On this simple chip, in my mind, because this fringe area, this fairway area on the golf course is a little thick, I'm not going to putt. I'm obviously chipping. So for me, I do two things that are really simple. I either do a spot chip where I'm trying to land it on the spot, or I'm trying to feel the distance of the hole like I would a long putt and let the weight of the club hit the ball to that spot and I don't really care where it lands.
So for me, I'm going to do a spot chip. I'll just put a tee up here. You can see it. I'm going to try to land it pretty close to that tee if you can see it. And I know if I land it close to that tee, it should end up really close to the hole.
And if it doesn't, you'll adjust on the next one, right?
And that's what learning is, right? It's just a perfect feedback. So a touch short but it rolled out. To me, that tells me two things. My spot's either too far that way, or I need to get more height on it.
More height I think-- yeah.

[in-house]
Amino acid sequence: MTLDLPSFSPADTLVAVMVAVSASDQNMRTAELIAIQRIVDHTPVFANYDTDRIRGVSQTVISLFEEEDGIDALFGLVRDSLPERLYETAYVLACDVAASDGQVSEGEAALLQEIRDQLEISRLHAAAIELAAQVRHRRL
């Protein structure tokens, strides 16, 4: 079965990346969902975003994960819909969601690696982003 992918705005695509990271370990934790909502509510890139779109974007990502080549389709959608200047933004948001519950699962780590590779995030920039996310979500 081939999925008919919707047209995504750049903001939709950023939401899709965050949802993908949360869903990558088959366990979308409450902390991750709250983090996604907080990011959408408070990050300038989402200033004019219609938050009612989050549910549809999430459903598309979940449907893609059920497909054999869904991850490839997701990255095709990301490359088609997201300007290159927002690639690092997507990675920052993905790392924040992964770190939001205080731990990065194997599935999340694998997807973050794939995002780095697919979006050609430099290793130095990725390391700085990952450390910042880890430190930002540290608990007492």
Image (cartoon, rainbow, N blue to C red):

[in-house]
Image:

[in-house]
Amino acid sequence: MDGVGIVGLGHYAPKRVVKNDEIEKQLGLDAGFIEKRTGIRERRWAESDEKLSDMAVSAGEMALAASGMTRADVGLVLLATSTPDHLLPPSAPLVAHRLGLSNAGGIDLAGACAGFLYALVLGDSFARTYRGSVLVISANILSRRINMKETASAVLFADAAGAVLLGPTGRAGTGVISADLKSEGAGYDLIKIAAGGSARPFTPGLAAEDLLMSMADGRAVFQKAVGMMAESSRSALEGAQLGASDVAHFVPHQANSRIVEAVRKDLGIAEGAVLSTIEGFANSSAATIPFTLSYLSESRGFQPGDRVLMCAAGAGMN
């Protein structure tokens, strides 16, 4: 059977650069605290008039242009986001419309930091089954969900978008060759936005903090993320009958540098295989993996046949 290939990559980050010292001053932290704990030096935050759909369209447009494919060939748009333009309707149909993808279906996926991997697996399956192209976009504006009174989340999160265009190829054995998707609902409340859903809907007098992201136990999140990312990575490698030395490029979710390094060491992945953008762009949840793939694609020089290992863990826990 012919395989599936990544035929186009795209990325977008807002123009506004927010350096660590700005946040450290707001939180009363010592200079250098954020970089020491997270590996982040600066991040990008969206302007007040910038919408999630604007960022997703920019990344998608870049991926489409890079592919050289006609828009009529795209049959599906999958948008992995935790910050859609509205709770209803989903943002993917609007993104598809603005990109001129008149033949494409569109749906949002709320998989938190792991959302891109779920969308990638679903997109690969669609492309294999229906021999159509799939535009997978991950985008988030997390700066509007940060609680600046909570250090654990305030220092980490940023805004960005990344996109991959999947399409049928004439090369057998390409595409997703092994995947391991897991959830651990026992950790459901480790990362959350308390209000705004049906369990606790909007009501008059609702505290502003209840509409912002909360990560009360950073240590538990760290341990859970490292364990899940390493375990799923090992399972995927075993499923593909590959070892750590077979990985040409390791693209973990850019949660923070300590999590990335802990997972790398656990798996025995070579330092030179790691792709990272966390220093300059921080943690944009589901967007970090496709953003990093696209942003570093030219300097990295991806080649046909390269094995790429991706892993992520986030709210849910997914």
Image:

That's it. For me, I agree with the height.
So what would be the adjustment there.
So for me, on that one I had my hands really forward. And it was a pretty low shot. So what I'm going to do to add, I could bring my hands back a little bit more on top of the ball. But you can add loft by opening the face.
We're talking about-- when tour players move things-- we're talking a little bit.
A degree or two.
Just a couple of degrees. It makes a big difference. I probably had this thing delofted-- it's a 60 degree wedge. I probably had it delofted to 50 or 52. Now, I'm going to try to bring it up to about 60. So I'm going to bring kind of true loft to it.
Perpendicular shaft almost.
Pretty much straight up. It may be a little lean just to get better contact. But I could open it up just a squinch and hit the same shot. Let's see if I can-- see that came off higher?
Yeah, it was nice.
Finishes a little bit-- so it landed about a foot short of the tee again. But it's way short of the hole.